Understanding The Basics Of Zone & Man Coverage In Football

By Steve

Zone and Man coverage are essential in today’s game of football. Offensive coaches are finding innovative ways to spread the ball around the field. The key is to play sound pass coverage. Zone coverage and man coverage differ from one another.

Zone coverage is when defensive players cover a zone or area of the field to protect against the pass. Man coverage is when a defensive player lines up in front of a wide receiver and mirrors their every move.

Let’s learn the different types of zone coverage and how coaches implement them to stop passing offenses.

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Types Of Man Coverages In Football

We’re going to highlight three coverages:

  • Man coverage with Cover 0
  • Man Coverage with Cover 1
  • Man Coverage With Cover 2 Man

Cover 0

Deep Defenders: 0

cover 0

The cover 0 defense is often called behind a blitz (a 6 man pressure). Teams will rush 6 defenders and cover the 5 eligible receivers man to man. We often have seen a heavy dose of press man coverage coupled with cover 0.

Teams do this to muddle up the wide receivers and get to the quarterback as soon as possible.

Cover 1

Deep Defenders: 1

cover 1

Cover 1 is similar to cover 0, although instead of bringing a blitz (6-man pressure), the defense will bring a dog (5-man pressure).

Defenses can also double team wide receivers with cover 1, as they have an extra defender (when running a 4-man front).

Learn more about cover 1 here.

Cover 2 Man

Deep Defenders: 2

cover 2 man

Cover 2 man is a hybrid between man and zone coverage. 5 defenders will be in man to man coverage, while 2 safeties will cover the deep half of the field.

This coverage is often run in deep situations where the defense knows the offense will throw the football.

Types Of Zone Coverages In Football

In football, there are primarily X number of zone coverages

  • Cover 2
  • Cover 3
  • Cover 4
  • Cover 6

We like to teach zone coverages by the number of deep defenders. If the coverage is cover 3, there are 3 deep defenders—cover 2, two deep defenders, and so on.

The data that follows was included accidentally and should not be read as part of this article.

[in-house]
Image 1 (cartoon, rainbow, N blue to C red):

Cover 2

cover 2

Deep Defenders: 2

Cover 2 is the first zone coverage in our series of zone coverages. Whereas cover 1 has one deep defender with man coverage underneath, cover 2 has two deep defenders, and all the underneath defenders are playing zone.

Cover 2 is useful to defend against teams that like to throw crossing routes or short routes. It does, however, put a tremendous amount of stress on the deep defenders. Ultimately the 2 deep defenders are responsible for splitting the field in half. Each defender must cover 26.6 yards.

Learn more about cover 2 here.

Cover 3

cover 3

Deep Defenders: 3

Cover 3 is the most balanced zone coverage as it has 3 deep defenders and 4 underneath defenders. The deep defenders are now splitting the field into thirds. Adding a third person to the mix now cuts the field to cover 17.76 Yards for each deep defender to cover.

Underneath, the field is often split into 2 different zones on each side of the football:

  • Hook/Curl
  • Flats

Learn more about cover 3 here.

Cover 4

cover 4

Deep Defenders: 4

Also known as umbrella coverage, cover 4 has 4 deep defenders which are splitting the field into 13.325 yards.

Cover 4’s weakness, however, is the underneath coverage.